Martin Srnec
Martin Srnec Research Group
Martin Srnec

Martin Srnec
Martin Srnec

Scientific Motivation:

Redox active transition metal ions are ubiquitous elements of life and play crucial roles in catalysis of many difficult biochemical transformations such as water oxidation (photosynthesis), nitrogen reduction to bioavailable ammonia (N2 fixation), CO2 reduction to CH4 and methane oxidation to methanol etc. All these systems require radicals to function. Even more, it appears that radical enzymes dominate bioinorganic chemistry.

Catalytic pathways of such enzymatic reactions have been evolutionarily tuned over many million years and are therefore extremely effective and inspiring for both synthetic chemistry and biology in the development of new green catalysts and potential drugs. Despite the tremendous progress achieved in bioinorganic chemistry during the two last decades, goals in the field (eg. unraveling reaction mechanisms and designing biomimetic complexes with novel functions) remain very challenging due to complex geometric and electronic structures, a facet which requires scientific approaches across multiple disciplines such as bioinorganic chemistry, synthetic chemistry, spectroscopy, electrochemistry, and theoretical (quantum) chemistry. This is particularly true for chemistry involving catalysts with more than one redox-active transition metal center (ie. polynuclear transition metal complexes).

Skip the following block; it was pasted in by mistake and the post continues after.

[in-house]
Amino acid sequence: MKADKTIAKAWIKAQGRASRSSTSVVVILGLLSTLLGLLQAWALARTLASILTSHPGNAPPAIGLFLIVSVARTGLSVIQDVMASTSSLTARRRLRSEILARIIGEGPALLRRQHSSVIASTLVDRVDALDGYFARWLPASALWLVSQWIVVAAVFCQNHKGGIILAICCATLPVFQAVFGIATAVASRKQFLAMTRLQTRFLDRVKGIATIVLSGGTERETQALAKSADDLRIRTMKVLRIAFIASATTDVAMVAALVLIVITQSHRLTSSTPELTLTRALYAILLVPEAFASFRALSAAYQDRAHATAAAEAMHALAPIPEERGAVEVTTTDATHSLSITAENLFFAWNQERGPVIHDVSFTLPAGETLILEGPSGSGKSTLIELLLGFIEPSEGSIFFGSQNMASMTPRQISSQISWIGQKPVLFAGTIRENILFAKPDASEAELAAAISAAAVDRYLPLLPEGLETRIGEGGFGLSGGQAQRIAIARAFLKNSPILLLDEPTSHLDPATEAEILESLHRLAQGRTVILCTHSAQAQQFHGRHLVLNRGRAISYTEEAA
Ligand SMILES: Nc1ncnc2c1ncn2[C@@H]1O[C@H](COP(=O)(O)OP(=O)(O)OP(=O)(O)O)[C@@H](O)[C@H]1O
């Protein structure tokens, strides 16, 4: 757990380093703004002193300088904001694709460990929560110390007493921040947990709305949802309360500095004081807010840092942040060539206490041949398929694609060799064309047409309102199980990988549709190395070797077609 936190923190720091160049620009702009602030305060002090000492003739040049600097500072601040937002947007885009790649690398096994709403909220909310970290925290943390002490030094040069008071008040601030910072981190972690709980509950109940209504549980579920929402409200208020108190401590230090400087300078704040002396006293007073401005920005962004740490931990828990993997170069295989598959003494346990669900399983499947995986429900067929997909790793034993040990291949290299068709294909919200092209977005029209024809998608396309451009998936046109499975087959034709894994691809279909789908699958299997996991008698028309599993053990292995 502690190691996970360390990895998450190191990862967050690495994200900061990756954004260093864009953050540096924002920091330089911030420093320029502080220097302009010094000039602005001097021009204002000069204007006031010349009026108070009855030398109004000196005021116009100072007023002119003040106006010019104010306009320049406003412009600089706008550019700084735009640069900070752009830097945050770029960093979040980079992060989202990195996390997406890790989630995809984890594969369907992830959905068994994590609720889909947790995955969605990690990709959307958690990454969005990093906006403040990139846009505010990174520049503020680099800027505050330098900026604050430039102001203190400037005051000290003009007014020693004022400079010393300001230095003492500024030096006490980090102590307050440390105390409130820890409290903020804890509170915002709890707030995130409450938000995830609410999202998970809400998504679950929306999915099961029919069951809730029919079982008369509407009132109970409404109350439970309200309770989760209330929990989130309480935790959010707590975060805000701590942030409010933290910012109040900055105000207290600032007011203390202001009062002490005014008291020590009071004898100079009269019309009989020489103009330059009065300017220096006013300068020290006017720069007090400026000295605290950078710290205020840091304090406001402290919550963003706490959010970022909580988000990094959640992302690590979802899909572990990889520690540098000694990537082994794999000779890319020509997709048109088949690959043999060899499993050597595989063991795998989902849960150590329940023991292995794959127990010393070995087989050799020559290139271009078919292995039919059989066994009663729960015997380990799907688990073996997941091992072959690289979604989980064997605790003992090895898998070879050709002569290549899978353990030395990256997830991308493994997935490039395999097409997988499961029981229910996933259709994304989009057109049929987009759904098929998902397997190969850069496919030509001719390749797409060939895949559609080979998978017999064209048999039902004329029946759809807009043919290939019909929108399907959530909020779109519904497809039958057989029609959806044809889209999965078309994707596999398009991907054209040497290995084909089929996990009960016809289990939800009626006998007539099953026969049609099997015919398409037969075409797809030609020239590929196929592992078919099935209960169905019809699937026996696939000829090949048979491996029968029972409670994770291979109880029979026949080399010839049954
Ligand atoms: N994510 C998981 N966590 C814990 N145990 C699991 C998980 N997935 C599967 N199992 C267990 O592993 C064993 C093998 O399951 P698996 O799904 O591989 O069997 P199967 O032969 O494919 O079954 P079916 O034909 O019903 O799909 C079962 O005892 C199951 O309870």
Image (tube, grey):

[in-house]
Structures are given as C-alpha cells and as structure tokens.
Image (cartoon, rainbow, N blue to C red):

In our lab, we focus mainly on the following topics:

Redox Properties and Reactivities of Mono and Binuclear Nonheme Iron Active Sites
Figure from Srnec et al JACS 2014
Adapted from Figure from Srnec et al JBIC 2016

Radical Catalysis By Enzymatic and Biomimetic Polynuclear Transition-Metal Active Sites
SAM radical intermediates

Electronic Structure Contributions to Enzymatic Selectivity
Figure from Srnec & Solomon JACS 2017
Figure from Srnec et al Dalton Transaction 2014

Theoretical Bioinorganic Spectroscopy
Figure adapted from Srnec et al PNAS 2012

Computational Electrochemistry
Figure from Srnec et al JPCLett 2016